Tuesday, April 24, 2012

Corn, Corn, Corn, and more Corn

We spent the last week or two buying corn for the rest of the year. To say it was and adventure would be putting it mildly and the pictures below tell only part of the story. If you read the blog regularly you know that corn is the main staple of our diet here. We feed our 54 resident students around 20 kg per day, so it was important that we buy corn, and lots of it, now while the prices are low. As of today we have purchased around 5,000 kg.

The people are eager to sell us their corn. They arrive on bikes or walk long distances with heavy corn on their heads to sell us even a small amount of corn. However, we are saving them perhaps two days or more of travel by driving to their homes. The drives are long and hard on our small truck, sometimes driving down roads that I am sure have not been traveled in months. In our five trips I think we saw a total of five other vehicles at some point on the journey.

Thanks to our 27 sponsors we have the funds to purchase enough corn now for the remainder of the year and a little more. Without our sponsors I am not sure what we would have done. You are all a blessing.

Collecting corn at our first stop

1000 kg in a small truck
On this trip we were joined by Br. Jose Roberto, Provincial from Brazil. He is pictured above balancing the gallon jug on his head. He helped us measure and load our truck on this particular day. Thanks Br. Jose, and all the brothers and friends in Brazil, for all your help.
Families waiting on the side of the trail for us.
Some come by on bikes to sell their corn

Corn is measured using a gallon container, around 5kg

We draw big crowds wherever we go

Our take after 4 days of corn buying, about 4,000 kg

Each sack is measured individually

Br. Fabian with fan club

The trail they wanted me to drive down,
no problem there's a road there, really

Poor beyond words in the bush
In other news, new windows were installed on one of the classrooms making a big difference in the look.
Roquito loves the new windows
Showing off new windows

Monday, April 16, 2012

A Quick Bee Story and more

The work continues in Amatongas while the students are away on holiday this week. Part of the excitement for this week was the demolition of two huge bee hives. The bee hives had millions of bees and was making it difficult to complete work on the back of the school building. Fortunately, we found a bee expert, or at least someone crazy enough to climb the ladder, nearby who helped Br. Angel remove the bees. I wish we could share the photos of the extraction, but the operation took place at night and I didn't want to be anywhere close by anyway for obvious reasons. As we often say here, only in Amatongas.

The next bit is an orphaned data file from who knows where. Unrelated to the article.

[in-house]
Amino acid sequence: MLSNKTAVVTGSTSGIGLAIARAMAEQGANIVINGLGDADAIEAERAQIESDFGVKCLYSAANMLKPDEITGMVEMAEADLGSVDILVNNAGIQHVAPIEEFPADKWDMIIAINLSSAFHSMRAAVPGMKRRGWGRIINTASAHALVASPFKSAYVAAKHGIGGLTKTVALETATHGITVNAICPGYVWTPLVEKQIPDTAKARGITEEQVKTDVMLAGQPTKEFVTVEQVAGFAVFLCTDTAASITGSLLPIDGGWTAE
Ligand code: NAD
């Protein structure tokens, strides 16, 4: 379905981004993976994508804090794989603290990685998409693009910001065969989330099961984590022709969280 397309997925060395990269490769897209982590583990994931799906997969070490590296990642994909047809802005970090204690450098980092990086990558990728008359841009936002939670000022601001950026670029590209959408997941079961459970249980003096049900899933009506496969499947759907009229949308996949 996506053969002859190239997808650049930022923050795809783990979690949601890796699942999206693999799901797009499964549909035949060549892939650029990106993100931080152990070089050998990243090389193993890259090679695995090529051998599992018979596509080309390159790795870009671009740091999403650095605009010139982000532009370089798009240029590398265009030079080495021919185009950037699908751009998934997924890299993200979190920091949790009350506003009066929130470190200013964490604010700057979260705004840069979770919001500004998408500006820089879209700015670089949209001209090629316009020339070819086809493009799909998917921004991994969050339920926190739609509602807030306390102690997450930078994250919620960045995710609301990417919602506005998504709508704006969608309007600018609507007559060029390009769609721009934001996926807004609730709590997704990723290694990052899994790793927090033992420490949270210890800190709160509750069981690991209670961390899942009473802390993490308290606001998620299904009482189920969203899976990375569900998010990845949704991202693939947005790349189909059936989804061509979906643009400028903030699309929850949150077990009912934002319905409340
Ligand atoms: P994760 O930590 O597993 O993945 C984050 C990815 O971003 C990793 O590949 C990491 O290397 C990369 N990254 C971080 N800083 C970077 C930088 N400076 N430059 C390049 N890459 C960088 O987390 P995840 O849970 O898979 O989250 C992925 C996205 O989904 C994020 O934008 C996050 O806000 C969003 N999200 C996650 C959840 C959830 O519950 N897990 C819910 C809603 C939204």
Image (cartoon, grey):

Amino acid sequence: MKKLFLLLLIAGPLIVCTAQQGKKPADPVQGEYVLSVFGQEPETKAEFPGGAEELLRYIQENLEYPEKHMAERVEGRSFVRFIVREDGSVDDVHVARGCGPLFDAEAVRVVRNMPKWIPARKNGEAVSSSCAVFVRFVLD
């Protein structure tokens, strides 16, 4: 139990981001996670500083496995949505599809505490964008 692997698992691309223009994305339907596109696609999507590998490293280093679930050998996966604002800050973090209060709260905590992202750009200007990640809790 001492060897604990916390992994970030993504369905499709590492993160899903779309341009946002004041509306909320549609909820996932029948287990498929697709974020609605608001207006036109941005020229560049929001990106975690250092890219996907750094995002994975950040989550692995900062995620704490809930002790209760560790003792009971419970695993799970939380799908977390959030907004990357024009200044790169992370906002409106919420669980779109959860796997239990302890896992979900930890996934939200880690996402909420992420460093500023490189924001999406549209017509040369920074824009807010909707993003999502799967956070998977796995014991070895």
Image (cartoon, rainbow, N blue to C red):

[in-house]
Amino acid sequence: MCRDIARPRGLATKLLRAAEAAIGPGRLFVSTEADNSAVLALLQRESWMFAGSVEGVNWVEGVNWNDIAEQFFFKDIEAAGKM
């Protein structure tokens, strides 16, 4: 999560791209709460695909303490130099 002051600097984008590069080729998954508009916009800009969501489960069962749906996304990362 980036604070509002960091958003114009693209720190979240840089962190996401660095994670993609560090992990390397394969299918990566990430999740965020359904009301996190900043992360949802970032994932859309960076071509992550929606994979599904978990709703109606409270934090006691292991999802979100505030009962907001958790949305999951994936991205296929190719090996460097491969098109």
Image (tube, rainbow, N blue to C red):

Back of school building

The two huge bee hives the morning after demolition

Bees returned briefly after the extraction
 Work was recently completed recently on a new infirmary. Lighting and running water were installed in two of the rooms which will be used as an infirmary in the future.
New Infirmary with lighting and running water
 Our beans are doing well and will provide much needed assistance in feeding our students and maybe even produce some funds as well. Another good rain would be nice.
Part of our three hectares of beans looking good
 We spent a few days last week buying corn from the locals in the area. It was a great experience driving and walking through the bush to visit local farmers. This not only helps us buy corn for the rest of the year at a cheaper price than we can buy in the city, but also helps the people who save money by not having to transport the corn themselves. We need 20 kg of corn each day to feed our resident students, so we will be buying more corn this week.
On the path to buy corn

One of the families selling corn

Stop #1 on our corn buying adventure

Brother Fabian takes a break while buying corn

Wednesday, April 11, 2012

Historic Day

It was indeed a historic day in Amatongas when the new name of our school was painted on the front of the building. In case you are wondering the top portion must be included in the school name here, "Community Secondary School". Basically, it means we are a diocesan school, but the government pays the teacher salaries. Of course, the "Sacred Heart" in the middle needs no explanation. The Brothers of the Sacred Heart community cross will be painted on the building as well.

First picture of school name on front of building

School name being painted on front of building

New school library taking shape

Teacher work room under renovation

Teacher work room

Students getting in last minute studying before exams

Resident students helping in the farm before the holidays

Tuesday, April 3, 2012

Exam Week

The students are taking first semester exams this week before having a one week, well deserved break before the second semester. As work moves to the second floor, students moved into the third floor new classrooms to take their exams.

Students taking semester exams in  new classroom

Professor proud of his work and thankful for new classroom

Why they call it "writing exams" here

Sunday, April 1, 2012

Desks Arrive in Amatongas

Since our arrival in Amatongas 13 months ago, we have dreamed of having new desks so our students would not have to sit on the floor. It is hard to put into words our feelings and reactions when we saw the arrival of 100 new desks. Thanks be to God for this gift and for everyone working at and supporting África Directo and Fundación Profesor Uría. You really have made dreams come true.

New desks arrive in Amatongas

Kids line up to help move new desks

Moving desks into classrooms
Students help to move desks 

Students test out the new desks

A classroom with new paint, lighting, chalk board and desks

Another new classroom